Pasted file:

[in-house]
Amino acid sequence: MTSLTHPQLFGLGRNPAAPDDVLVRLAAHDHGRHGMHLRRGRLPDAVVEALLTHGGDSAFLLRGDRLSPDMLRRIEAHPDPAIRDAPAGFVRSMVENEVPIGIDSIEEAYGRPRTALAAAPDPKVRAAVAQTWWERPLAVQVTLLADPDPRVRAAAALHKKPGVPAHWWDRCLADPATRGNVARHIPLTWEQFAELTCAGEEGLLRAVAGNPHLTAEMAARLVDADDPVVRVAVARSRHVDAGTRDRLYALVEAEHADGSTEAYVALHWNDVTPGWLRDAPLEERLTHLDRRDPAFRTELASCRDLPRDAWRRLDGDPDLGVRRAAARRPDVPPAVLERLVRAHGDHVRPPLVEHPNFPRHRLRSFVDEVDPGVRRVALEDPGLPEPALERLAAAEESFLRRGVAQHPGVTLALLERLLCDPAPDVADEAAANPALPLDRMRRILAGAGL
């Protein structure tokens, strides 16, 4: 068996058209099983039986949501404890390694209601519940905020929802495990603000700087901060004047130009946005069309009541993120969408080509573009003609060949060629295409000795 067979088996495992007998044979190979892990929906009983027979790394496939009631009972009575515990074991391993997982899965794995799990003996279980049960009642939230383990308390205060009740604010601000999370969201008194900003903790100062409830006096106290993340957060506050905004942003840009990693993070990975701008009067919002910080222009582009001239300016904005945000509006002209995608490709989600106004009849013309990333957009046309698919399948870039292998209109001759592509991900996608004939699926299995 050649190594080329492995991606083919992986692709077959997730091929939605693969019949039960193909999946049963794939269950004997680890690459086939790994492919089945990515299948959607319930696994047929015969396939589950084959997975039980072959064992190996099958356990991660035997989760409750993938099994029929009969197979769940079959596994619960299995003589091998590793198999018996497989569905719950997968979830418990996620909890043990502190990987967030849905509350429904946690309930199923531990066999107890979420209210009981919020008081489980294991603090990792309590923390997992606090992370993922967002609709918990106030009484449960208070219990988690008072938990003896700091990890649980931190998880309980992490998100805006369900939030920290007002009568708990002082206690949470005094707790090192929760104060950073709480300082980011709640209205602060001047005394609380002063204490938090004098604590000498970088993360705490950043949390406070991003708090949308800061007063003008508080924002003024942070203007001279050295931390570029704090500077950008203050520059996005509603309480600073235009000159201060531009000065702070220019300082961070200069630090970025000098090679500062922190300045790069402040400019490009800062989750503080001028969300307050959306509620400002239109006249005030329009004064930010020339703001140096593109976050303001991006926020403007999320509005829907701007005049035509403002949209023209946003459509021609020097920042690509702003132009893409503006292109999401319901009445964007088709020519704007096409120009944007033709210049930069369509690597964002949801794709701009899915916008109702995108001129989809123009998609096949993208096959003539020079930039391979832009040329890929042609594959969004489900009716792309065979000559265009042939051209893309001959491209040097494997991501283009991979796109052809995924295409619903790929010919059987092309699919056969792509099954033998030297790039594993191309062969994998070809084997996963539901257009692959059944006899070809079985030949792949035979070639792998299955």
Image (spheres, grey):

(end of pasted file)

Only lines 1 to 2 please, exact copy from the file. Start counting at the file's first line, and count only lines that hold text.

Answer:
[in-house]
Amino acid sequence: MTSLTHPQLFGLGRNPAAPDDVLVRLAAHDHGRHGMHLRRGRLPDAVVEALLTHGGDSAFLLRGDRLSPDMLRRIEAHPDPAIRDAPAGFVRSMVENEVPIGIDSIEEAYGRPRTALAAAPDPKVRAAVAQTWWERPLAVQVTLLADPDPRVRAAAALHKKPGVPAHWWDRCLADPATRGNVARHIPLTWEQFAELTCAGEEGLLRAVAGNPHLTAEMAARLVDADDPVVRVAVARSRHVDAGTRDRLYALVEAEHADGSTEAYVALHWNDVTPGWLRDAPLEERLTHLDRRDPAFRTELASCRDLPRDAWRRLDGDPDLGVRRAAARRPDVPPAVLERLVRAHGDHVRPPLVEHPNFPRHRLRSFVDEVDPGVRRVALEDPGLPEPALERLAAAEESFLRRGVAQHPGVTLALLERLLCDPAPDVADEAAANPALPLDRMRRILAGAGL